ultimately defeated, clearing the way for a new Middle East which has endured to
the present—with consequences that still dominate our lives. ($49.99, HB)
The Italians by John Hooper ($45, HB)
Sublime yet exasperating, Italy is a country of riddles. How
can a culture that gave us the Renaissance have produced the
Mafia? Why does a nation of strong family affiliations have
one of the world's lowest birth rates? And what made a people so concerned with bella figura—with what others think of
them—choose Silvio Berlusconi as their leader, not just once
but three times? John Hooper digs deep into Italian culture,
religion & a history even more violent than is generally realised, and offers keys to understanding everything from the
Italians' love of life & beauty to their reluctance to use dishwashers. Looking at
the facts that lie behind—and often belie—the stereotypes, he sheds new light on
many aspects of Italian life: football & Freemasonry, sex, symbolism & why Italian has 12 words for a coat hanger, yet none for a hangover.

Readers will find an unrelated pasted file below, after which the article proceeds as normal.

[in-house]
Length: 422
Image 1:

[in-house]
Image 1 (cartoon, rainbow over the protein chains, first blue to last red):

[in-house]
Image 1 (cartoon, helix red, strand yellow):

Defending the Motherland: The Soviet Women
Who Fought Hitler's Aces
by Lyuba Vinogradova ($32.99, PB)
Plucked from every background, the new recruits of the 586th
Fighter Regiment, the 587th Heavy-bomber Regiment & the
588th Regiment of light night-bombers who boarded a train in
Moscow on 16th October 1941 were the first all-female active
combat units in modern history. Drawing on original interviews with surviving airwomen, Lyuba Vinogradova weaves
together their untold stories from that first train journey to the last tragic disappearance. Her panoramic account of these women's lives follows them from society
balls to unmarked graves, from landmark victories to the horrors of Stalingrad.
Battling not just fearsome Aces of the Luftwaffe but also patronising prejudice
from their own leaders. Women such as Lilya Litvyak & Ekaterina Budanova are
brought to life by the diaries & recollections of those who knew them, and who
watched them live, love, fight & die.
A Million Years in a Day by Greg Jenner
Who invented beds? When did we start cleaning our teeth?
How old are wine and beer? Which came first: the toilet seat or
toilet paper? What was the first clock? Structured around one
ordinary day, A Million Years in a Day reveals the astonishing origins and development of the daily practices we take for